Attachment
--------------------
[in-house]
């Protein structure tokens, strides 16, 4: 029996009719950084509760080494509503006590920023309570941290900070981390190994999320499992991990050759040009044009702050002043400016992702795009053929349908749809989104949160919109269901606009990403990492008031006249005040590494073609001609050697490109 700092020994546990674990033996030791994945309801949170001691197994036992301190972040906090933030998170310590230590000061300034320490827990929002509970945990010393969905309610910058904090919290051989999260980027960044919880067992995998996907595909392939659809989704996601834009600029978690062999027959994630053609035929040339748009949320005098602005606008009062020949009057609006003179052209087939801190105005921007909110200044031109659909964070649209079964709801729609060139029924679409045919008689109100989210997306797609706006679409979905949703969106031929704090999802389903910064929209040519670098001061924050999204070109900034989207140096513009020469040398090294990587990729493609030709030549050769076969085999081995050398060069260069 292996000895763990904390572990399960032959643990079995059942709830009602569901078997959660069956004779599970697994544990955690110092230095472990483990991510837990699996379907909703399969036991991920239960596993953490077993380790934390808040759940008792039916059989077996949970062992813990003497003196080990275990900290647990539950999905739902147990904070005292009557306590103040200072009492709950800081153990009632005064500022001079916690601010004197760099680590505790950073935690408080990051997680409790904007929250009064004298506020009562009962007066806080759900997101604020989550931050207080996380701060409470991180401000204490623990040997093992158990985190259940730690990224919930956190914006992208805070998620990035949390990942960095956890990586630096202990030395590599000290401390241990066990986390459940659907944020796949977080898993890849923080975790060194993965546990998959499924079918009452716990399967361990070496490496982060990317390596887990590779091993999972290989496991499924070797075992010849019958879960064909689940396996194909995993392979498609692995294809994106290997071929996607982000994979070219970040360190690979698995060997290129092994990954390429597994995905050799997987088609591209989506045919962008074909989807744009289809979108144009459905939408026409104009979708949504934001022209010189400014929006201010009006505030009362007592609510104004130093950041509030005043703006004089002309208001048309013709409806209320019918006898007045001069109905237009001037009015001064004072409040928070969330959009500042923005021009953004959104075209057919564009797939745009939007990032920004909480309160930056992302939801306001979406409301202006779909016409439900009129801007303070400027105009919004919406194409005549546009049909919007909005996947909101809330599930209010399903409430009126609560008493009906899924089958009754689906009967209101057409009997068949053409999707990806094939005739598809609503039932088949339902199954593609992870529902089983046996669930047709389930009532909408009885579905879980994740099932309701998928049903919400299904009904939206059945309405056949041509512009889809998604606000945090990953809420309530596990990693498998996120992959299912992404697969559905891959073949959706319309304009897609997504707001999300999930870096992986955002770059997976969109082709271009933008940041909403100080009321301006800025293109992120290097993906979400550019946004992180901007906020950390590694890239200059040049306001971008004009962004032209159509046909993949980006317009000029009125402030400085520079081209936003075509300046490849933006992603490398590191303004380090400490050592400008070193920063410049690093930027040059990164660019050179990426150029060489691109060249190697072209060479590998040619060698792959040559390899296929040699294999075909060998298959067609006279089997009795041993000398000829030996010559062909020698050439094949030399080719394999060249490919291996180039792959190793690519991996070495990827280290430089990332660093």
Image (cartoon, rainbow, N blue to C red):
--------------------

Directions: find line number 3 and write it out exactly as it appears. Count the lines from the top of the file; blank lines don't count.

Image (cartoon, rainbow, N blue to C red):